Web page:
The affairs of the Republic of China Minister of Defense are virtually cross-Strait affairs. The Republic of China's national defense posture is undergoing fundamental change. Military confrontation has become democratic political and economic exchange. Cross-Strait issues are dealt with using democratic and economic, rather than military means. This national defense posture is consistent with the larger interests of the public on Taiwan. It reflects public expecations regarding democracy. Moreover, it goes hand in hand with the "framework for peaceful development" advocated by Beijing. In fact, today's relaxed cross-Strait situation is a kind of national defense achievement. Military factors have been downplayed. Economic and democratic factors have been emphasized. This will be our national defense posture for the forseeable future.

Nevertheless, the Republic of China needs to maintain a certain level of military defense. This is a symbol of its sovereignty and an expression of its democracy. It is also an essential bargaining chip in cross-Strait and international negotiations. The quantity and quality of military armanents may not be that difficult to determine. But what we are we fighting and whom we are fighting for remain questions that are difficult to answer but which must be answered.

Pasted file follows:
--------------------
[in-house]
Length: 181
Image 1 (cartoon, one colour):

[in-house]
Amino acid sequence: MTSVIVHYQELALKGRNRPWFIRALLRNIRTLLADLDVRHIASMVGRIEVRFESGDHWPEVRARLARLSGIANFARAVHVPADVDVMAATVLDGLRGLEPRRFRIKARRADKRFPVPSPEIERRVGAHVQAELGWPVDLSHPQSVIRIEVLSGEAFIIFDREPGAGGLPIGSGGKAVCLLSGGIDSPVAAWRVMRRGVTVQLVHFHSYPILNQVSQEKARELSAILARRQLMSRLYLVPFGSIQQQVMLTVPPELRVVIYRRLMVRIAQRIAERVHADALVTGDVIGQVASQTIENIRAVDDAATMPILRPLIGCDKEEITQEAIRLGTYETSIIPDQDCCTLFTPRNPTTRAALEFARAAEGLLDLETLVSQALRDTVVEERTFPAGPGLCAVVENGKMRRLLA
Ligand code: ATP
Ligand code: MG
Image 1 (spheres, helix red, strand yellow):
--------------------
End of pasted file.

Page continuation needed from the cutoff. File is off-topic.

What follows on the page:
Two new factors have emerged in national defense planning. First, cross-Strait trade, close cultural exchanges, and an atmosphere of reconciliation have diminished antipathy toward the CCP and the perception of the CCP as Communist rebels. That is why we no longer speak of the "Communist Rebellion." Secondly, the conscript military is now volunteer military. Troops no longer join the military out of national duty. They join the military in the capacity of government employees. These two new factors have had a major impact on the question of what we are fighting for and whom we are fighting for.

The military can be downsized. But national defense awareness must not be diminished. The cross-Strait situation has evolved. The national defense posture must be revised. The Republic of China's military defense is no longer for the purpose of "Counterattacking the Mainland and Eradicating the Bandits." Instead, it has a more fundamental and more important function. It must act as the guarantor of cross-Strait peace and the defender of democracy.

We may have a smaller military in the future. But this ought to be a "small is beautiful" military. If it is able to fulfill its self-proclaimed role as the guarantor of cross-Strait peace and defender of democracy, its officers and troops will feel a sense of honor, a sense of responsibility, a sense of direction, and a sense of idealism.

We must struggle on behalf of cross-Strait peace. But just in case, we must know what we are fighting for, and whom we are fighting for.

2009.06.08 03:21 am